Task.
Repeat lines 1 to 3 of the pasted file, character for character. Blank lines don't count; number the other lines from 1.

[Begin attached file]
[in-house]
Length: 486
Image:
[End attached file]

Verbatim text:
[in-house]
Length: 486
Image: